Thailand to go ahead with election despite protests, boycott
A Thai soldier, right, stands guarding as anti-government protesters stage a rally during the cabinet meeting at the Army Club Tuesday, Jan. 28, 2014 in Bangkok, Thailand. (AP / Wally Santana)
Thanyarat Doksone, The Associated Press
Published Tuesday, January 28, 2014 6:35AM EST
Last Updated Tuesday, January 28, 2014 8:29AM EST
BANGKOK, Thailand -- Thailand's government announced Tuesday it will go ahead with an election this weekend despite an opposition boycott, months of street protests and the likelihood of more violence in the country's political crisis.
The government made the announcement after a meeting between Prime Minister Yingluck Shinawatra and the Election Commission, which had sought a delay in the polls.
The decision to hold Sunday's parliamentary balloting will further inflate tensions and chances of violence. A protest leader was killed and about a dozen others were injured in a clash last Sunday as protesters swarmed dozens of polling stations to stop advance voting. Since Nov. 30, 10 people have died and at least 577 have been injured.
The crisis pits followers and opponents of former Prime Minister Thaksin Shinawatra against each other. Thaksin, a billionaire who is Yingluck's older brother, was deposed by a military coup in 2006 after being accused of corruption and abuse of power, and since then the two sides have been engaged in a sometimes violent struggle for power.
Anti-government protesters occupying parts of Bangkok are demanding that Yingluck step down before any election, and that she be replaced by a non-elected interim government that would institute reforms to remove her family's influence from politics. The opposition Democrat Party, which backs the protests, is boycotting the election.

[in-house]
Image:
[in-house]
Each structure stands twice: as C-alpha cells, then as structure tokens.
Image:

Yingluck's supporters, including many people in the countryside who benefited from Thaksin's populist policies, are demanding that they be allowed to vote.
Several hundred protesters laid siege to Tuesday's meeting between Yingluck and the Election Commission. Two people were injured, one seriously with a gunshot wound, as violence broke out on the fringes of the crowd.
The Election Commission said more violence was likely during the polls and would further damage the country.
"I think Thailand has suffered enough and no one should be hurt or die from this election," Commissioner Somchai Srisutthiyakorn told reporters.
Deputy Prime Minister Pongthep Thepkanchana said the commission and government had different views and the election would therefore go ahead. A court ruled last week that the election could only be postponed by mutual agreement between the prime minister and the Election Commission.
"If we postpone the election, will the problems go away? The people who are causing trouble didn't say they would stop if it's postponed," Pongthep said. "The longer it is postponed, the more damage it will cause the people and the country."
Some protesters pushed their way onto the compound of the Army Club, where the meeting was held. They did not enter any buildings, which were guarded by police and soldiers.
The protesters are seeking to stop the government from operating, and have occupied major intersections in Bangkok and closed down many government buildings.
Increased protest-related violence spurred the government last week to declare a state of emergency covering Bangkok and surrounding areas. The measure allows curtailment of many normal civil liberties and criminalizes many of the activities carried out by the protesters, but no substantive action has yet been taken.
Protesters are likely to try to block the voting on Sunday. If the election fails to fill 95 per cent of the lower house seats, Parliament will be unable to convene.
Yingluck and her ruling Pheu Thai party are also facing several lawsuits that could eventually force them from office.
Associated Press writers Jinda Wedel and Grant Peck contributed to this report.
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